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CONPLAN 2002 Homeland Defense Security for you

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posted on Aug, 8 2005 @ 06:59 AM

War plans have been drafted by the United States as a guideline to reaction in the case of terror attack. The Military does not interfere in domestic matters, but according to this document, they would be deployed in low-end to high-end scenarios. Is this something that is needed, or something for conspiracy nuts to fly with....

The classified plans, developed here at Northern Command headquarters, outline a variety of possible roles for quick-reaction forces estimated at as many as 3,000 ground troops per attack, a number that could easily grow depending on the extent of the damage and the abilities of civilian response teams.

The plans state that they would seem to fill a role of the NAt'l guard, assisting with disaster relief. The only problem I would see is deaths from looting and ritoing. If a nuclear device was set of in downtown LA, the rodney King riots would pale in comparison. These could lead to some serious events between the public and the military on our own soil.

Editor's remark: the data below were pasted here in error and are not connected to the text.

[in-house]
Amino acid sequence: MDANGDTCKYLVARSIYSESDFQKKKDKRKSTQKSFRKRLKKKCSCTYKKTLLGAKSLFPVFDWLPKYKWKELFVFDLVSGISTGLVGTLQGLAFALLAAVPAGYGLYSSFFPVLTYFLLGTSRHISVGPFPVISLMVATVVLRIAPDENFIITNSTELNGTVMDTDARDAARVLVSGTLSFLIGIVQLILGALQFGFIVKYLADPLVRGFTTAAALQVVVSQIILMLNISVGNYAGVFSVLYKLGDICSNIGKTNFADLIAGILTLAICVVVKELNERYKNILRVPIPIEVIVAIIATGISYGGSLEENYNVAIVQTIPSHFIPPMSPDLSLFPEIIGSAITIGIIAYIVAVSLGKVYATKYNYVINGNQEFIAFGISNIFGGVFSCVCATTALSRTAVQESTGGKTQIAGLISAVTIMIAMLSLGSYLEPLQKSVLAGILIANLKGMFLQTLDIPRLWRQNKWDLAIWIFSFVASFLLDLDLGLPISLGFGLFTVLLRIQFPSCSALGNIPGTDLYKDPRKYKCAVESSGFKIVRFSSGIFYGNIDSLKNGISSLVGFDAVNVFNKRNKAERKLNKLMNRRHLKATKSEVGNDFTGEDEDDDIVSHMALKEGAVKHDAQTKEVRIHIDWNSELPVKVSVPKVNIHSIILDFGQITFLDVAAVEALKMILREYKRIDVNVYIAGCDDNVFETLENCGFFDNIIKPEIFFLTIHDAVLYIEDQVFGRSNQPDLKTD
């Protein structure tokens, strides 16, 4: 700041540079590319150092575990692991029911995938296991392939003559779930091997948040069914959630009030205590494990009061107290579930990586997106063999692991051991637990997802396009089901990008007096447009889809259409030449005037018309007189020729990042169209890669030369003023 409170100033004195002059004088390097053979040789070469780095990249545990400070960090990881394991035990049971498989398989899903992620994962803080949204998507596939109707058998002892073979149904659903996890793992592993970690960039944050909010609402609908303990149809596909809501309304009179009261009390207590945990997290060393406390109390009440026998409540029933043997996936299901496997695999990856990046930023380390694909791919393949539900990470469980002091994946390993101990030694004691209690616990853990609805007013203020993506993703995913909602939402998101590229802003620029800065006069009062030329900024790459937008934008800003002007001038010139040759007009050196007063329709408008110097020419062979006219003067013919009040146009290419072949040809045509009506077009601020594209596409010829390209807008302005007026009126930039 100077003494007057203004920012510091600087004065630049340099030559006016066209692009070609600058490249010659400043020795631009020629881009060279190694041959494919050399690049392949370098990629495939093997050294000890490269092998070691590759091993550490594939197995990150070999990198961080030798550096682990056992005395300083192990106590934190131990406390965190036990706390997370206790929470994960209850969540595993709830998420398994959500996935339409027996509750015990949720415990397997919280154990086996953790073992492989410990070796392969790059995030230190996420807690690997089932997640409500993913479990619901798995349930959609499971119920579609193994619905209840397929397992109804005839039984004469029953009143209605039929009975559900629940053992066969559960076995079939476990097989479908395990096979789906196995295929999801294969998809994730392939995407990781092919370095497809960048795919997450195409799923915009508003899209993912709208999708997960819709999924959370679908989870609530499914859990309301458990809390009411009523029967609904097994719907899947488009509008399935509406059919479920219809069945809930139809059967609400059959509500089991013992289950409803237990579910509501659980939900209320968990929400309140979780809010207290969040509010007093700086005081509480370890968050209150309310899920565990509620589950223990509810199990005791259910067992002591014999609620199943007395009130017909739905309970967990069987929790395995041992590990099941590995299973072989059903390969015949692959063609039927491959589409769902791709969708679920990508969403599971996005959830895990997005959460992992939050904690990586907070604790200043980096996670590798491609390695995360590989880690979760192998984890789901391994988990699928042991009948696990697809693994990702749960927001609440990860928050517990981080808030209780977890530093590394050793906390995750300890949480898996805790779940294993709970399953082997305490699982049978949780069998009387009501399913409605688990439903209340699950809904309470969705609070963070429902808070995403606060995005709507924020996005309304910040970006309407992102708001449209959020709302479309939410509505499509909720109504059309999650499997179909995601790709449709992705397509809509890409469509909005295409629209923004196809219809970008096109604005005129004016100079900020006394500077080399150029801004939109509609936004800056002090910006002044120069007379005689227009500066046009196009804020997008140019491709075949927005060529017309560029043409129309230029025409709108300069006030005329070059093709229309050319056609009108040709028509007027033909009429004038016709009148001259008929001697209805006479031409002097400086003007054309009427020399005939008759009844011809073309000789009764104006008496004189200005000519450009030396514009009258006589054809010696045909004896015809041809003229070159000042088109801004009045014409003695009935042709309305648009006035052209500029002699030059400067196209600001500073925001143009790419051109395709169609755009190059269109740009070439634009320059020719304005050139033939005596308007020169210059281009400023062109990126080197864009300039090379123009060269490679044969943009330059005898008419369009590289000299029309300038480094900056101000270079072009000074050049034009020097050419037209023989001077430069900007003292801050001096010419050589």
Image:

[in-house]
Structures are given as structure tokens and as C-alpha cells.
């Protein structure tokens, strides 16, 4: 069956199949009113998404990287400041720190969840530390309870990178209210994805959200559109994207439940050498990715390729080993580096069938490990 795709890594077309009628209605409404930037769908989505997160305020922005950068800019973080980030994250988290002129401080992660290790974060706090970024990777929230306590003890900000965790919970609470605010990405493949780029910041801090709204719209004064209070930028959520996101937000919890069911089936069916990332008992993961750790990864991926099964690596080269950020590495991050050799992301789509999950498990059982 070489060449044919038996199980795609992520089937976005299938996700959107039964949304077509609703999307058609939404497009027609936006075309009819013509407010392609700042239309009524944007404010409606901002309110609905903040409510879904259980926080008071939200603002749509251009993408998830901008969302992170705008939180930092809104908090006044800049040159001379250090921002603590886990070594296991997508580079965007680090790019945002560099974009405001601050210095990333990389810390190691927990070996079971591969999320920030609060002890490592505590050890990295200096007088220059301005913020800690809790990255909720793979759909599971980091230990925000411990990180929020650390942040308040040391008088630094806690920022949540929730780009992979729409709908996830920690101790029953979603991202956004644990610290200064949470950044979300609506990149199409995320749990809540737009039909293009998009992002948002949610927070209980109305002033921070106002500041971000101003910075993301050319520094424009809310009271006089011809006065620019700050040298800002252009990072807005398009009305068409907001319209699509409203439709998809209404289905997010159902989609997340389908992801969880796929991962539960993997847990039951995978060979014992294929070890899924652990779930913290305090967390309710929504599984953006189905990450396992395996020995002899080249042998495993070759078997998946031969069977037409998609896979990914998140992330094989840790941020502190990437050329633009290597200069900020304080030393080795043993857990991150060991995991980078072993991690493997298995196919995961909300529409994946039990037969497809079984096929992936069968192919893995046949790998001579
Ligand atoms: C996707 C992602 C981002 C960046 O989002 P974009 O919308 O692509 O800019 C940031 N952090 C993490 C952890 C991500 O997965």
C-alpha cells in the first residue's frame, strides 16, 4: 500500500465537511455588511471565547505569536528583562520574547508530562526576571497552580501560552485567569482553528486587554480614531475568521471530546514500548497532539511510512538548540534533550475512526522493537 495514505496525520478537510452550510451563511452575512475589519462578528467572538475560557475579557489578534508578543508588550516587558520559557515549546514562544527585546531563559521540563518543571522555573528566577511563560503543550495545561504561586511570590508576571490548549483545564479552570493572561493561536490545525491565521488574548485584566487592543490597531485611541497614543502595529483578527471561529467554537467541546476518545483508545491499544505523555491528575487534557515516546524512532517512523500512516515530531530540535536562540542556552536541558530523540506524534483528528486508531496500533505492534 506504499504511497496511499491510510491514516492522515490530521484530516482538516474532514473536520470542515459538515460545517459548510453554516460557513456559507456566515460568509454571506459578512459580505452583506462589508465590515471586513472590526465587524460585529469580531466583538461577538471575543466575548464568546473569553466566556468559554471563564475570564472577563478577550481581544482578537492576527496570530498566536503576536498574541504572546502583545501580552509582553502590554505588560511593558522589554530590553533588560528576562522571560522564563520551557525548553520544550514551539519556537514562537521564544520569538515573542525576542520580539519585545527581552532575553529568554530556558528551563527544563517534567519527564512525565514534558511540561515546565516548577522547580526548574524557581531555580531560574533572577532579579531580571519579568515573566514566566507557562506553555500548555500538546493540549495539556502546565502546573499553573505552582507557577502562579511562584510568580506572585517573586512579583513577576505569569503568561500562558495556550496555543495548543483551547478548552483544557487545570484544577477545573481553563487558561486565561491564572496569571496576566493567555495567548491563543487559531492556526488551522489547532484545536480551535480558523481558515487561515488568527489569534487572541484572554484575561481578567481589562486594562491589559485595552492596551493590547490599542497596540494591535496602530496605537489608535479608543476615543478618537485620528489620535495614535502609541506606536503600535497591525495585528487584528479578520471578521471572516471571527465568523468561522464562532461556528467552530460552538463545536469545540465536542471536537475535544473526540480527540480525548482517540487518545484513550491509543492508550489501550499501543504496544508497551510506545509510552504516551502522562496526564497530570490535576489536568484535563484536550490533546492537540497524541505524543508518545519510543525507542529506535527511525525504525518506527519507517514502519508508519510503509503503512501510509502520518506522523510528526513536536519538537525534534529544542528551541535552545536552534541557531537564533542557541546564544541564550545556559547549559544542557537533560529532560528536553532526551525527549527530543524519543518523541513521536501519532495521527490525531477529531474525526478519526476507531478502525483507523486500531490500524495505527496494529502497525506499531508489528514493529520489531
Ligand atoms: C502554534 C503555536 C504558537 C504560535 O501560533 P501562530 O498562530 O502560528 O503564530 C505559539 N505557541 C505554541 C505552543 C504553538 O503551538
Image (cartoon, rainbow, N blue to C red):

Civil liberties groups have warned that the military's expanded involvement in homeland defense could bump up against the Posse Comitatus Act of 1878, which restricts the use of troops in domestic law enforcement. But Pentagon authorities have told Congress they see no need to change the law.

According to military lawyers here, the dispatch of ground troops would most likely be justified on the basis of the president's authority under Article 2 of the Constitution to serve as commander in chief and protect the nation. The Posse Comitatus Act exempts actions authorized by the Constitution.

Seems that it is OK according to our own Constitution, but since the ACLU won't allow us to profile or check baggage, we might be in a situation such as this sooner than we think.

One, designated CONPLAN 2002 and one identified as CONPLAN 0500, deals specifically with managing the fallout that would follow attacks represented by the scenarios included in the documents.
Seems that the groundwork is laid in the National Guard, which is expanding a network of 22-member civil support teamsand forming about a dozen 120-member regional response units. Congress last year also gave the Guard expanded authority under Title 32 of the U.S. Code to perform such homeland missions as securing power plants and other critical facilities. Why not add some more specialists from the Armed forces?

[edit on 8-8-2005 by esdad71]


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